"...writers will be writing about the pandemic, whether they know that's what they're writing about or not, for generations to come..."
This question sends Neil off on what seems an unlikely tangent, at least to start with, as he discusses travelling to Jordan in 2014 where he spoke with Syrian refugees, wanting to know why it was they'd made these perilous journeys. After all, "it takes a lot to get anybody away from their homes" and he was struck by how these were nice middle class people, dentists, for instance. "They were us", he reflects. What could have motivated them to cross deserts?
In answer he heard about how the heavy tanks coming through town had crushed the water and sewerage pipes beneath the road, that the landmines in the fields cut them off from food supplies, that they ate all the food they had and the lifestock, and eventually all the cats and dogs. That the water they gathered wasn't clean enough and made them sick. His take away from this story of one family was that civilisation is much, much more fragile than he'd imagined.
"These are fragile systems...we think they're incredibly robust..."
A notion that Christchurch people will be all too familiar with.
So this story did circle back to the pandemic in that these ideas of the fragility of civilisation have been sitting in his head ever since 2014 and so for him, the pandemic has just reinforced this feeling that civilisation isn't the fixed, ever "embiggening" thing you might have assumed.
And of course New Zealand's version of the pandemic isn't quite the same as how it's played out in other parts of the world. And people's relationship with fiction and stories has sometimes changed because of this.
"I know people who have been in an apartment for a year. For all those people fiction gave them an escape. It gave them a place to go - a place that wasn't the four walls they lived in."
Anyone who's read much of Neil's work will know of his fondness for fable, fairytale, and myth. Titles like American Gods, Norse Mythology, The sleeper and the spindle, and many others are concerned with the mythic or the folkloric. So when Low asks "What kinds of myths and gods do we need in a crisis?" you might well expect Neil to be the perfect person to ask. But Neil's answer is a simple and unvarnished truth: What we need in a crisis is friends.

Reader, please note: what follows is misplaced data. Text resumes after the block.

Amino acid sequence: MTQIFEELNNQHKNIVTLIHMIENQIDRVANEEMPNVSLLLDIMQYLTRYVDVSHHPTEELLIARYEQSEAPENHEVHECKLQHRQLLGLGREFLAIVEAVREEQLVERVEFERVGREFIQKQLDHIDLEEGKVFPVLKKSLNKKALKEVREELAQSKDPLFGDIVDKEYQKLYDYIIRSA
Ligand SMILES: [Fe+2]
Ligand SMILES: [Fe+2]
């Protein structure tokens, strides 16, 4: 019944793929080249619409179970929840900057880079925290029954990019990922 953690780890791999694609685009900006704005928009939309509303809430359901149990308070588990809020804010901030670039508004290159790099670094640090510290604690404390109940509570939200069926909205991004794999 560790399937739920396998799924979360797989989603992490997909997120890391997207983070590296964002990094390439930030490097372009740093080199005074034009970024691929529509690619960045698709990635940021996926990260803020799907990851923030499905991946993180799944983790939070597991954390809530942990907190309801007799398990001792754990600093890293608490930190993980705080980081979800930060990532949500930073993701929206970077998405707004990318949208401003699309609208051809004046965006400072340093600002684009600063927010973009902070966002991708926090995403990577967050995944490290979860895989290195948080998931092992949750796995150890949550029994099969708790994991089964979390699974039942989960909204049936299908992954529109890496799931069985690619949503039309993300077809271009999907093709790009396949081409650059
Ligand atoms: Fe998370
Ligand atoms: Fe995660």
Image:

But also maybe some "illicit VPN methods" so that you can watch Wellington Paranormal from the UK.
"I just want to go and spend time with those nice police people."
And who wouldn't? I'd happily have Officer O'Leary round for an afternoon tea. Less so, Minogue. Or the monsters.
Eventually the discussion turns to Neil's latest book, The Neil Gaiman Reader (it's at this point Neil says his own last name and so I can say definitively that the first syllable is pronounced "gay" rather than "guy" - I had been bouncing around between the two for far too long).
As a volume it's what I would describe as a "chonky boi". You could inflict serious damage on someone with it (should you have a dark wish to). Neil claims it came about because he was getting sick of people asking him what work of his they should read - from now on he will be able to point them to this. Neil had people vote on the internet for their favourites and from this he selected the top 47 stories - topped up with a few novel extracts it has 52 readings in it (hence the size) and is presented in chronological order.
Proofreading it and reading through that body of work allowed for some retrospection on both his "obsessions" and his writing.
"Every now and again I would just go 'I really liked that phrase, didn't I?'... 'Hair so fine it was almost white'. You should really only use something like that once...
The only story in the collection that he included that didn't earn its spot from the online voting was the very last one, "I thought, I love you, little story and nobody's read you". So in it went.
There's a story called "Monkey and the Lady" I wrote for a 2017 @DaveMcKean anthology that people didn't vote for because, I suspect, very few people had read it. And I love it. So I made an authorial decision and put it in at the end. https://t.co/Ww5zLZeNyE
— Neil Gaiman (@neilhimself) October 8, 2020
Neil then takes to the podium and reads a story from the book. A spooky, big, old dusty house story called "Click clack the rattlebag". And we are all suitably spooked and rattled by it.
Low then guides the conversation towards Neil's relationship with Hollywood and the numerous adaptations of his work (many of which have never left development Hell, so much so that he once made the cover of a Hollywood trade publication as having had "more things optioned and not made than anybody else"). He shares a delightful story of awful time he and Terry Pratchett had trying to get an adaptation of Good Omens made.